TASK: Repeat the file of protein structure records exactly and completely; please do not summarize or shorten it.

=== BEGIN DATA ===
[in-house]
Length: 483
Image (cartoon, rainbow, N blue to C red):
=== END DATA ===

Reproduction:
[in-house]
Length: 483
Image (cartoon, rainbow, N blue to C red):